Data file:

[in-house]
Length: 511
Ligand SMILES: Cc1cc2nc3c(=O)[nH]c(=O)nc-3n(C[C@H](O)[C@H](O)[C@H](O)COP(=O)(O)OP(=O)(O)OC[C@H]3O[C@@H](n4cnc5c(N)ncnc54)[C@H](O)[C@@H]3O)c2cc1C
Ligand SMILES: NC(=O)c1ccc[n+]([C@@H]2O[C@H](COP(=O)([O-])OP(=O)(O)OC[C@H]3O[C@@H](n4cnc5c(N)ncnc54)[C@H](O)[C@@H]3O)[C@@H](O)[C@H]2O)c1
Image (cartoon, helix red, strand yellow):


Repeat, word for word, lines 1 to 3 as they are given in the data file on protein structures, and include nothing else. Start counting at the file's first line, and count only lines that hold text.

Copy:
[in-house]
Length: 511
Ligand SMILES: Cc1cc2nc3c(=O)[nH]c(=O)nc-3n(C[C@H](O)[C@H](O)[C@H](O)COP(=O)(O)OP(=O)(O)OC[C@H]3O[C@@H](n4cnc5c(N)ncnc54)[C@H](O)[C@@H]3O)c2cc1C